Love and solidarity in the pouring rain

December 10, 2006

Trent Hawkins is a leader of Resistance, an Australian socialist youth organisation, who participated in the December solidarity brigade to Venezuela organised by the Australia-Venezuela Solidarity Network. Below is his account of the December 3 presidential election and its aftermath.

Today the Chavistas are having fiestas not rallies. In Catia, our brigade has been invited to a street party, which I'm sure will be huge. We went through there yesterday as part of our day as unofficial election observers. We stopped at a party at around 3pm. They were already celebrating Hugo Chavez's win. One person told us of how life has improved so much as a consequence of the revolution and Chavez's leadership. He said that for the first time he has some savings in his bank. He told us he cried when he saw Chavez announce he would be sending cheap oil to benefit poor people throughout the Americas. This was amazing given statements by Manuel Rosales, the right-wing opponent to Chavez, about the president sending the oil overseas so that no one could use it here. The sense of growing internationalism amongst the mass of Venezuelans is an indication of how far things have progressed.

Yesterday in pounding rain thousands gathered outside Miraflores, the presidential palace, to see Chavez give his victory speech. No-one cared about the rain. An extraordinary sense of love and solidarity existed amongst most of the crowd, although alcohol and the Miraflores courtyard reaching its capacity saw a few angry confrontations. A young woman gave me her hat and said that I will always be in her heart; another women was telling me how she loved her President. An elderly man protected us gringos in the crowd/moshpit and hugged us and thanked us.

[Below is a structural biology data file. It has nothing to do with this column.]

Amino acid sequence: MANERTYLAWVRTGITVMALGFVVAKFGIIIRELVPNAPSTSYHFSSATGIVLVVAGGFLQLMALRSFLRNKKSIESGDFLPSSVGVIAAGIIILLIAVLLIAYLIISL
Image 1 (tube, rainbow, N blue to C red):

Everyone is aware that this is an important step in Venezuela's history: Chavez was able to surpass the important figure of 60% of the vote; winning some 7 million votes. He won in every single state, including Rosales's home state of Zulia, and the opposition have not been able to find any evidence of election fraud. In fact, the only thing they did was send heaps of people into one election booth to demand entrance as public observers, and then complained about fraud when they weren't all let in! From here the possibility of actually building "socialism in the 21st century" can move from an idea to reality, with the first step reforming the constitution to make it more revolutionary. This could be an opportunity for them to tackle key issues relating to women and queer rights, which have suffered after decades of machismo.

As Chavez said last night, this wasn't a victory for him it was a victory for all oppressed: "Long live the pre-ordained popular victory. Long live the reign of socialism, the future of Venezuela … Another defeat for the North American empire. Another defeat for the devil. Down with imperialism."

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